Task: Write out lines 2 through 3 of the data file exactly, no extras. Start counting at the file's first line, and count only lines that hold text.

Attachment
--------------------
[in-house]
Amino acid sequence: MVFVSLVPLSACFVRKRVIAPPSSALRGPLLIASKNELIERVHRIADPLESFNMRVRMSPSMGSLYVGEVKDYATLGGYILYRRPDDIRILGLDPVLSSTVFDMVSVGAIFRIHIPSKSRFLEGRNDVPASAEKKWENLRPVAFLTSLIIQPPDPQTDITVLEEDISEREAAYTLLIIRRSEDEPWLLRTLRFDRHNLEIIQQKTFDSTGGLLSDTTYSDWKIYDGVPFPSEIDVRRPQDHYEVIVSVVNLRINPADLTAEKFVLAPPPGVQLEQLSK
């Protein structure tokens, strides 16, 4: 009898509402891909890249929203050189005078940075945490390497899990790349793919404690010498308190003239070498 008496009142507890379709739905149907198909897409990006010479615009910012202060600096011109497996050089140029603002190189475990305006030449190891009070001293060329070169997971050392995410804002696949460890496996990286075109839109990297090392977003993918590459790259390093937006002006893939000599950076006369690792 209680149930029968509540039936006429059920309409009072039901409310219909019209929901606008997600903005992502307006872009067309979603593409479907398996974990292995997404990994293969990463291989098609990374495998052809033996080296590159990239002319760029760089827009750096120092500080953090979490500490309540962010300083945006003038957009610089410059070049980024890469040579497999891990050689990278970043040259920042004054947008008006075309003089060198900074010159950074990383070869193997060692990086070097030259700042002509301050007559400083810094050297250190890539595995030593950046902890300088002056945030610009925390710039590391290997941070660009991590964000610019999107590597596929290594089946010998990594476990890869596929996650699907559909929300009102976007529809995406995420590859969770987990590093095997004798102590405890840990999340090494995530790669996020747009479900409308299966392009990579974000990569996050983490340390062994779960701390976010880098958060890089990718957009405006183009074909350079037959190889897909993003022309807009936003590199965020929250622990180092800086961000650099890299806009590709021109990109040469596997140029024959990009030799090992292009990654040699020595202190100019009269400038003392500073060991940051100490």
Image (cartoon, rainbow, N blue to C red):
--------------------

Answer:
Amino acid sequence: MVFVSLVPLSACFVRKRVIAPPSSALRGPLLIASKNELIERVHRIADPLESFNMRVRMSPSMGSLYVGEVKDYATLGGYILYRRPDDIRILGLDPVLSSTVFDMVSVGAIFRIHIPSKSRFLEGRNDVPASAEKKWENLRPVAFLTSLIIQPPDPQTDITVLEEDISEREAAYTLLIIRRSEDEPWLLRTLRFDRHNLEIIQQKTFDSTGGLLSDTTYSDWKIYDGVPFPSEIDVRRPQDHYEVIVSVVNLRINPADLTAEKFVLAPPPGVQLEQLSK
């Protein structure tokens, strides 16, 4: 009898509402891909890249929203050189005078940075945490390497899990790349793919404690010498308190003239070498 008496009142507890379709739905149907198909897409990006010479615009910012202060600096011109497996050089140029603002190189475990305006030449190891009070001293060329070169997971050392995410804002696949460890496996990286075109839109990297090392977003993918590459790259390093937006002006893939000599950076006369690792 209680149930029968509540039936006429059920309409009072039901409310219909019209929901606008997600903005992502307006872009067309979603593409479907398996974990292995997404990994293969990463291989098609990374495998052809033996080296590159990239002319760029760089827009750096120092500080953090979490500490309540962010300083945006003038957009610089410059070049980024890469040579497999891990050689990278970043040259920042004054947008008006075309003089060198900074010159950074990383070869193997060692990086070097030259700042002509301050007559400083810094050297250190890539595995030593950046902890300088002056945030610009925390710039590391290997941070660009991590964000610019999107590597596929290594089946010998990594476990890869596929996650699907559909929300009102976007529809995406995420590859969770987990590093095997004798102590405890840990999340090494995530790669996020747009479900409308299966392009990579974000990569996050983490340390062994779960701390976010880098958060890089990718957009405006183009074909350079037959190889897909993003022309807009936003590199965020929250622990180092800086961000650099890299806009590709021109990109040469596997140029024959990009030799090992292009990654040699020595202190100019009269400038003392500073060991940051100490």